No firecracker ending...

My 2015 season was a strange one.  It started off with a trip to Costa Rica in January to race The Coastal Challenge (which put me in the hospital for almost a week). It crested in August with a really fun weekend  at the Squamish50. But, then I finished off the year with a fizzle rather than a bang (which i will expand on below). But don't get me wrong, I had a ton of fun throughout 2015. As I've mentioned before (many times), I'm a true believer that it's about the journey, rather than the destination. If i use the quality of the adventures as the measuring stick, 2015 was pretty damn awesome. I raced a lot, and had some great times with some really amazing people. This sounds a bit sappy, but several of my top memories from this summer were with my girls. They are now old enough, that this we tackled the Grouse Grind, the Chief, BCMC, and a few others. (I wrote a short piece about kids and running for the Inov-8 blog here)

Family day on the Chief in Squamish

Family day on the Chief in Squamish

You can browse through my recent posts to get the specifics of my bigger races, so I'll try to keep focussed on the last couple months here. After I returned from Rio (last month), It took me a good week to get un-jetlagged. When I did finally come back around though, It was obvious that I had some really solid form. I felt recharged, and ready to kill it at my last two cyclocross races; South Surrey Junkyard Cross, and BC Provincials in Squamish. But...things didn't quite go as planned at either of those races.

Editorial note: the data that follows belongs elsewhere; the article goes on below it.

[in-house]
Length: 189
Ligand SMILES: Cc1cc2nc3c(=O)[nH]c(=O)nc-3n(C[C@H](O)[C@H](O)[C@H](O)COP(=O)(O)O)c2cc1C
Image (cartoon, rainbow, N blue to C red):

Scott, myself, and Dan. Photo by  Scott Robarts

Scott, myself, and Dan. Photo by Scott Robarts

At Junkyard cross (Surrey), I got tangled up with another racer within the first minute of the race, and somehow punctured my rear tubular. And of course I hadn't brought my spare wheels to the race that day. In denial, I muscled my way around another lap and a half before I realized it was futile. For the first time in a while, I was pissed right off about a race outcome. Probably more disappointed with my lazy decision not to bring my spare wheels, but also mad at myself for not being more aggressive at the start of the race. You see, I was trying to be a bit more calm off the start line, and I let a couple extra riders get past me in the first few of which was the cause of the pile up.  Good manners just bit me in the ass. Lesson learned. I wasn't going to make the same mistake in Squamish.

photo by Scott Robarts

photo by Scott Robarts

The following weekend was the BC Provincial Championships in Squamish. We, Steed Cycles, were hosting the event, so it was going to be a busy weekend for sure. The entire Steed crew was up there early on Saturday morning. Despite some uncharacteristically cold weather, with Paul and Dan leading the troops, we all put in a solid day and had the course fully prepped for racing the next day. Sunday morning went really smoothly, mostly because of the amount we got accomplished the day before. The venue was awesome, but the temperature was still sitting just below zero....which meant a fair bit of ice on course.